Warrant sheds light on search of DA Stacy Parks Miller’s office

Centre County District Attorney Stacy Parks Miller leaves the county courthouse in Bellefonte on Saturday.
Centre County District Attorney Stacy Parks Miller leaves the county courthouse in Bellefonte on Saturday. CDT photo

The warrant that Bellefonte police used to search District Attorney Stacy Parks Miller’s office Saturday provides new details into the forgery allegations made against her by a former paralegal with her office.

The warrant was issued Jan. 24 by Clinton County President Judge Craig P. Miller, who will hear any matters regarding Parks Miller. A court order signed Jan. 23 by Judge Pamela A. Ruest disqualified Centre County judges from handling the case and referred the matter to Miller. Officers took a laptop with a flash drive, an iPad and a Galaxy S5 cellphone — all county-owned items — in the search, the warrant indicates.

The DA’s former paralegal, Michelle Shutt, signed an affidavit Dec. 30 alleging that Parks Miller had instructed her to study orders written by Ruest and prepare an order that looked similar to one Ruest would have written. According to the affidavit, Shutt witnessed Parks Miller sign the judge’s name on the order and was instructed by the DA to file it with the Prothonotary’s Office to “set up Ryan Richard by using (d)efendant, Robert Albro.”

The affidavit of probable cause to secure the warrant, written by Bellefonte police Detective Robert Ruggiero, also provided details about Richard and Albro.

Richard, an inmate at Centre County prison, allegedly “solicited the assistance” of Albro to kill a Centre County assistant district attorney in spring 2013, while Albro was imprisoned there on drug charges. Albro’s attorney contacted police about cooperation to get a better plea deal, according to the affidavit.

A court order appointed Steve Trialonas as Albro’s attorney on March 14, 2013, but that order was suspended by a May 30 order from Judge Bradley P. Lunsford, and State College attorney Matt McClenahen was named Albro’s counsel, according to court documents.

Trialonis, who represents Richard, said he was unaware of any contact between Albro and police and never approached police or the District Attorney’s Office on Albro’s behalf. He was pulled from the case because of a conflict unknown to him, he said.

McClenahen said he was appointed as counsel because Trialonas represented both men. Albro had already contacted state police about the alleged solicitation by the time McClenahenwas appointed, McClenahen said, adding that he was aware of the contact.

He had no knowledge of a forged order, McClenahen said.

The District Attorney’s Office and state police started an investigation of Richard based on the report, and Parks Miller determined that it would be necessary to make it appear as though Albro had been released from prison, according to the affidavit. Albro was transferred to Clearfield County Prison “on or about July 29, 2013,” under a false name, according to the affidavit.

Clearfield County Prison Warden Greg Collins told the Centre Daily Times that Albro was at the facility from July 29, 2013, until Feb. 26, 2014.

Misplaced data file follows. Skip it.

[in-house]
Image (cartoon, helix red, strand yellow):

The document in question, an order changing Albro’s bail from $100,000 to 10 percent of that amount, was filed with the Prothonotary’s Office on Sept. 9, 2013, but dated July 18, 2013. According to the affidavit, the alleged order was prepared by Shutt and signed by Parks Miller “on or around Sept. 9, 2013.”

Ruest did not authorize her signature and was unaware of the order and any investigation of Richard, and at no time intended for Albro’s bail to be reduced, Ruggiero wrote in the affidavit.

Ruggiero also wrote in the affidavit that he viewed emails from “what appears to be” Parks Miller’s email address to members of the state police and a deputy attorney general prosecuting Albro in regard to the investigation of Richard.

Court documents indicate Deputy Attorney General Pat Leonard prosecuted the Albro case. Leonard declined to comment.

Bellefonte police said in a press release after the search that Parks Miller is also being investigated for theft of services. Shutt told police that Parks Miller directed her staff to perform tasks related to her re-election campaign in 2013, the affidavit states. Parks Miller ran unopposed in that contest.

Parks Miller denies the forgery allegations.

Bruce Castor Jr., her attorney and former district attorney of Montgomery County, said there is a long line of cases that allow law enforcement to use ruses to get suspects to incriminate themselves. Making the details of the search warrant public record is “reckless” and “unconscionable,” he said, and any current or future criminal investigations are now compromised. Mechanisms are in place to seal such sensitive documents, he said.

“This is what happens when you have police officers, not lawyers, supervising sensitive search warrants,” he said.

Castor said Bellefonte police do not have jurisdiction to investigate the allegations; the search on Saturday is “illegal”; and the matter should be handled by the state Attorney General’s Office.

Parks Miller said in a statement last week that she referred the matter to that office, which is conducting an investigation.

The Attorney General’s Office declined to comment, spokesman Aaron Sadler said.

Shutt’s attorney, Sean McGraw, declined to comment on the search but said neither he nor his client had been contacted by Harrisburg.

“I have never been contacted by the Attorney General’s Ofice and Michelle Shutt has never been contacted by the Attorney General’s Office,” he said.

Related stories from Centre Daily Times